Ottawa

Ottawa taxi drivers order Uber rides for evidence against drivers

​A group of Ottawa taxi drivers are filming Uber drivers in their vehicles, trying to get enough evidence against them to help city bylaw officers issue tickets against them.

City says it doesn't recommend collecting evidence to help bylaw investigations

Taxi drivers film Uber drivers

CBC News: Ottawa at 6:00

6 years ago
2:03
The battle between Ottawa cabbies and Uber drivers is escalating as a group of cab drivers went undercover earlier this week to expose an Uber driver in an online video. 2:03

​A group of Ottawa taxi drivers are filming Uber drivers in their vehicles, trying to get enough evidence against them to help city bylaw officers issue tickets against them, and they say they'll continue.

"For [the bylaw department] they need enough evidence to go after them and give them their proper tickets," said Roy Noja, a taxi driver for a Blueline company who told CBC News Wednesday that he came up with the idea.

"What we did is to help the City of Ottawa and the bylaw [department], and to give them enough evidence as proof that what they're doing is illegal. And we're going to share every evidence that we have, to give it to them so they can go after them."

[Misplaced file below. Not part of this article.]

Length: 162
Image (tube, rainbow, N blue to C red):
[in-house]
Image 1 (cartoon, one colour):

On Monday night Noja and four others ordered three separate Uber rides, filming each of the rides on smartphones.

In one of the videos, which was posted on YouTube, the three taxi drivers ask the Uber driver questions under the guise of wanting to become Uber drivers as well.

"We will continue doing that to prove to the city that we have evidence to go after them and give them tickets," Noja said.

City doesn't recommend collecting evidence

The city said it doesn't recommend trying to collect evidence to assist their investigations for safety reasons.

"Rather, the city encourages citizens to report concerns or alleged bylaw infractions on Ottawa.ca or by calling 311," wrote Philip Powell, the city's program manager of licensing, permits and markets, in an emailed statement on Wednesday.

Blueline taxi driver Roy Noja says he came up with the idea to gather evidence against Uber drivers. (CBC News)
Since October 2014, 110 taxi bylaw charges against 54 different Uber drivers have been laid. Of those, 37 drivers pleaded guilty to 74 charges with fines totaling more than $22,000.

In an emailed statement, an Uber Canada spokesperson said "the right path forward is to develop common sense" ride-sharing regulations.

"We believe that intimidation tactics such as these should give way instead to a constructive dialogue, focused on making available safer, more reliable and affordable transportation options to Ottawans," spokesperson Susie Heath wrote.

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